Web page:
While it can be a challenge getting staff and physicians to prepare and rehearse for a situation that, most likely, will never occur, it is an essential element in readying an organization with the appropriate safety resolutions, whether they be in-house, or at another facility, for performing these specialized procedures. Oftentimes the event of transfer is where problems can occur, or to quote an often-used colloquialism, “the devil is in the details.”

Corazon, as well as most industry and professional societies and organizations, consider detailed, written protocols and transfer agreements essential cornerstones of this process. Just like a schematic for a building or a script in a play, these directions, when closely followed, will ensure that everyone and everything is in its place and running smoothly, creating a seamless transition and instilling trust in the program and operators to result in a successful procedural outcome.

Initial and ongoing training for your technical and nursing staff in EP is essential as well; training should address pathophysiology, routine care, emergent interventions, and management of untoward outcomes. As with all of the other components of this process, this training should be organized, delivered in a formal and consistent manner, tracked diligently, and include both classroom or didactic curriculum and “hands-on” clinical practicums/experience. It is very important that the physicians who will be practicing at the facility be integral in the staff education planning process. This process should also include access to the various vendor equipment and devices that will be used in the lab. Most companies who provide these supplies and equipment are more than willing to participate in staff training, even donating sample devices to use during training sessions.

Another important element that is often overlooked when planning any service in a facility that does not have advanced cardiac or other surgery is that the facility typically also does not offer the other complementary services that are traditionally seen with cardiac surgery (such as pulmonology or nephrology). Therefore, it is imperative that any issues in other systems of the body be identified and treated quickly before they can progress to a state where daily intervention by a specialist is needed.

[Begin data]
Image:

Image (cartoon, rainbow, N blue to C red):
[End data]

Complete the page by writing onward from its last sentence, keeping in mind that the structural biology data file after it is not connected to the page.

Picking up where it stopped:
Lastly, a robust data collection and quality reporting program is a must. If you are doing well, you want to know and share that with the marketplace; if you are not doing well, you want to know and fix the problem. With the number of providers growing, and the level of transparency in healthcare increasing, quality performance must always be at the top of any agenda.

Corazon recommends the following key data elements that are most valuable to tracking operator and program quality. Typically, an operator’s complication rates should not exceed those defined in publications by professional societies or the following thresholds:

  • Mortality ≤1%;
  • Stroke ≤1%;
  • Major complications: emergency surgery, transfusion, cardiac arrest, heart failure, cardiac perforation, tamponade, air embolism, pneumothorax, or vascular complication requiring surgical intervention;
  • Minor complications: hematoma, infection, or venous thrombosis.

Finally, as with any new program, data should be collected around volumes by type, provider, and referral source, as well as by general complications, delayed starts and prolonged waits for appointments, and other customer service topics. If this seems like a daunting task, don’t be dissuaded. EP programs can be excellent extensions of cardiac services lines, and can add levels of prestige to programs that once were limited because they did not offer open-heart surgery services. As with cardiac angioplasty without open-heart surgery, Corazon has helped a number of electrophysiology programs develop in centers where only diagnostic or interventional cardiology services are offered.